A Call for the Removal of Mayor D’Haese
Recently I read about the controversy surrounding the carnival of the city of Aalst in Belgium. Last week, Aalst went ahead with its carnival, an event that was rank with antisemitic caracatures, Jewish slurs, and prejudice that sadly is a poison that has never quite been drawn from the veins of Europe.
Although many Europeans have exorcised the antisemitic, and overall xenophobic strains of their society, these elements continue to exist. Europe has a poor track record of managing these elements relating to many ethnic and religious groups, but especially the Jews.
So let me break down for you why the Belgian government has a responsibility to remove the Mayor of Aalst from his post, and why the people of Europe have a responsibility to stand up against these reminders of the hate that has run so deeply through their ranks throughout history.
“Let Aalst be Aalst”
“Let Aalst be Aalst.” These are the words of the Mayor of Aalst, Christoph D’Haese, as he faces criticism over the heavy presence of antisemitic and pro Nazi elements that he fought to have a voice in Aalst’s carnival. These are the words of a man who chose to let the city’s carnival lose it’s UNESCO cultural heritage status, rather than removing the antisemitism that was evident to one of the highest seats of cultural authority.
“Let Aalst be Aalst.” As an American Jew, Mr. D’Haese’s words reek of old world European antisemitism. A parade that allows Jews to be shown with rats, money, and gold bars, shown as insects, and mocked, is not allowing a European city to protect its cultural heritage. It is a thinly veiled excuse for an antisemite to continue to be antisemitic in modern times. And all of this is taking place less than 30 kilometers from Brussels, the seat of power in the European Union.
If Jew hatred is part of the beloved culture of Aalst, then Mr. D’Haese has a responsibility as Mayor to fight against it. Lacking to do so and instead defending it, shows that Mr. D’Haese is not qualified for a seat of power within any government.
To the People of Aalst
To the people of Aalst, I sincerely hope that you can understand where I’m coming from. I’m sure that this parade is dear to you and full of beautiful cultural history that deserves to be honored. Yet allowing such hatred to take place overshadows any beauty that this event could bring to the world. Please recognize that what you may see as harmless jest is not merely harmless jest. As a Jew, please believe me, for none but a Jew can truly understand antisemitism as a Jew can. You do not have the right to tell us what is or is not antisemitic.
Even if to you, this is simple fun, to part of your population, it is a small victory towards an agenda of Jew hatred that they will continue to push as long as they feel that it is socially acceptable to do so. Caricatures and prejudices like this are rooted in the thoughts and actions of evil men. The good have a responsibility to stand up against these elements. Europe has a responsibility to stand up against these elements.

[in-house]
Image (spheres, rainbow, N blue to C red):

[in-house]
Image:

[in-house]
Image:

Silence in the Face of Evil
There is a famous quote that comes to mind that you may well know. “Silence in the face of evil is itself evil.” This was said by Dietrich Bonhoffeur, a German pastor who stood up against the Nazis and was hanged for it. Bonhoffeur said these words in the face of great evil, but this action is asked of us all on a smaller scale, everyday.
One of the worst things that we can do as humans is to be silent in the face of evil and injustice. Yes, inaction and ignoring the hard confrontations we don’t want to have is the path of least resistance. Yet in many cases, by doing so, we are in fact paving the way for further harm by emboldening those who do wrong.
By not being silent, we eliminate the social capital that they themselves lay claim to. If all who wished it stood tall and did not allow them to gain ground, we would look around and see that most stand beside us, and the loud and thundering voices of those who hate can never match our strength. Never allow them to trick you into thinking that they are strong.
I feel that I have made my arguments clear. I call on the government of Belgium to eliminate these hateful elements from what I see as a beautiful country that lies at the heart of Europe. If Mayor D’Haese truly seeks to preserve the antisemitic ways of his town, then the government of Belgium has a responsibility to remove him.
Let Belgium set an example that there is a difference between allowing hate, which we have seen turn to action throughout Europe’s history, and healthy dialogue that is the foundation of free speech. One allows people the freedom that they deserve, and the other is a cancerous inflammation in the mind of a great society. We have seen what hate has done to Europe so many times. Let us do what is necessary to tell it that it has no place in what Europe strives to become.